She is the author of the article that sparked the Benalla affair, revealing the blows struck by the former Elysée collaborator against a demonstrator on 1er May 2018. Ariane Chemin, journalist at World, is summoned for a free hearing at the General Directorate of Internal Security (DGSI), on May 29. An initiative “worrying” for freedom of the press, according to the daily, which revealed the information on Wednesday. The world does not envisage legal action at this stage. “We’ll see how it goes,” comments its director, Jérôme Fenoglio. This summons is all the more worrying as it comes shortly after that of other journalists who have investigated arms sales to Saudi Arabia.
Why is Ariane Chemin summoned by the DGSI?
“Revelation or disclosure of any information which could lead, directly or indirectly, to the identification of a person as a member of a special forces unit”, details Jérôme Fenoglio, using the terms of article 413-14 of the penal code. The investigation was opened by the Paris prosecutor’s office following a complaint filed by a person named in one of the journalist’s articles on the Benalla affair. No doubt it is Chokri Wakrim, an air force soldier, whose the world wrote on February 8 that he “served as an accountant in Special Operations Command.” At the time, the world was returning to the path of the one whom Release suddenly brought to light in the Benalla affair, by revealing, on the one hand, his role in the execution of the Russian contract sealed between Benalla and the oligarch Iskander Makhmudov. And on the other hand, the proximity of Wakrim to the highest peak in the state, the latter being the companion of Marie-Elodie Poitout, then chief of security for the Prime Minister.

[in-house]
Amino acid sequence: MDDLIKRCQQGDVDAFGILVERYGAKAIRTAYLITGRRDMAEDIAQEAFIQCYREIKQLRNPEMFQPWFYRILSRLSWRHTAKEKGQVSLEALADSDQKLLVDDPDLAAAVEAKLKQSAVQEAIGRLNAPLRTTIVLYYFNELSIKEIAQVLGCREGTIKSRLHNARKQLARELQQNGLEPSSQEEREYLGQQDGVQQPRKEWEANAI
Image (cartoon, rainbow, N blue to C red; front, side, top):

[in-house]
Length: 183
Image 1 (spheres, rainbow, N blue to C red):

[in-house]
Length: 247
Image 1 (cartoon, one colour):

What about journalists who investigated arms sales used in Yemen?
Three of these journalists have already been summoned by the DGSI: Benoît Collombat, from the investigation unit of Radio France, and two co-founders of Disclose, an investigative mediator. In mid-April, the news site revealed a document classified at the “confidential-defense” level from the Military Intelligence Directorate (DRM) and published an investigation into the use of French weapons in the war in Yemen. A fourth journalist from the collective, Michel Despratx, learned on Wednesday that he was also expected at the DGSI headquarters in Levallois-Perret (Hauts-de-Seine), next Tuesday. In this case, it is a preliminary inquiry for “compromise of national defense secrets”, opened on December 13 after a complaint from the Ministry of the Armed Forces, the supervisory authority of the DRM. “The confidential documents revealed by Disclose and its partners are of major public interest. That of bringing to the attention of citizens and their representatives what the government wanted to conceal,” reacted the media. The leaked report indeed contradicted the assertions of the French authorities that these weapons were not used or only in a defensive position. It did not contain any information likely to threaten the safety of any soldiers or French agents on the ground.